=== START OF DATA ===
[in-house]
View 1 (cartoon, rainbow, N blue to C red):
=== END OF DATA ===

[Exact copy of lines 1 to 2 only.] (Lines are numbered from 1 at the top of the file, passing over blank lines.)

[in-house]
View 1 (cartoon, rainbow, N blue to C red):